Happy Agent Monday, everyone! Did you miss me? 😉 It HAS been a busy time here, with lots of exciting goings on. Part of that excitement? The Jennifer De Chiara Literary Agency has welcomed some terrific new agents. Today, let’s get to know more about new Associate Agent Savannah Brooks…
Q: Hi Savannah! Thanks so much for taking the time to visit. How did you get into agenting?
A: When I started my MFA program back in 2015, I wanted to get as much experience in as many avenues of publishing as possible. So when I heard about the opportunity to intern for JD Lit, I jumped on it. I interned with Damian McNicholl for a year and a half before officially coming on board. I loved (and still love) the way agenting blends manuscript editing with author and editor facetime. It’s the perfect mix.
Q: Can you share some details about yourself, and how these have shaped who you are as an agent and as someone working with authors?
A: This isn’t anything new, but I’ll say it anyway: being a writer myself really informs the processes I create with my authors. I write creative nonfiction, mostly personal essays pretty heavily influenced by research (though I dabble in fiction as well). The last essay I had published I started writing two years prior. It’s an essay I wrote a few drafts of then had to put away for a while. I worked on other pieces, I grew as a writer, and I made it better with time. So when I look at an author’s career, I’m not just considering this one book; I’m considering the ways that writing and revising this one book can inform all the books that are to come.
Q: What types of projects are you representing? Anything you are especially hoping to find in your inbox?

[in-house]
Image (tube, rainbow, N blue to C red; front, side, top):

A: I didn’t exactly mean for this to happen, but I’ve found myself focusing pretty heavily on YA fiction. By its nature, YA is extremely voice driven, and I’m most intrigued by characters. Weird, obsessive, smart, unforgettable characters. That being said, I’ve been keeping an eye out for funny, voice-driven adult fiction that isn’t afraid to tackle big topics but knows how to do it and entertain at the same time. Think An Absolutely Remarkable Thing.
Q: Can you give us an example of one of your favorite books in each category that you represent, and why it’s your favorite?
A: I’ll do some category bending here. Starting with one of the main players in the “what the heck is YA anyway” category: the His Dark Materials series. I’ve read this series countless times over the years, and each time, I’m floored by three things: how much I adore Lyra as a character, how real the worlds feel despite jumping around in them so frequently, and how layered the narrative is. As I grew up, the main focus of the story bounced around: adventure, love, religion, quantum physics, war. This is a book accessible and intriguing to readers of practically any age, which is, to put it simply, a feat.
For very similar reasons, I’ve also always gravitated to the Chronicles of Narnia series. I remember being crying-level devastated as a child by the fact that I could never actually get to Narnia. The world felt that real to me. Again, a feat, especially in children’s and middle grade writing. (That the film producers cast Ben Barnes as Prince Caspian certainly didn’t hurt my continued obsession into my teenage years, though I think I would’ve stuck with the series regardless.) I’m not a religious or spiritual person, but I’ve always been fascinated by Lewis’s allusions to Christianity. You can either read to be entertained or read to solve a puzzle. That level of engagement is powerful.
Q: To help folks understand your point of view, what are some of your favorite TV shows and Movies?
A: I don’t actually watch a ton of TV/movies, but this seems like a good opportunity for some psychoanalyzing, so why not? The shows I tend to turn to are Criminal Minds (again), America’s Next Top Model (again), Rick and Morty (again), Riverdale, and Planet Earth II. (Now that I think about it, I’m not sure I want anyone to read too deeply into that selection, but here we are.) As far as movies go, I’m always a sucker for Pixar and Marvel. I’ve seen Moana more times than I’d like to admit. I would say listening to “How Far I’ll Go” doesn’t still make me tear up (yes! girl power!), but that would be a lie.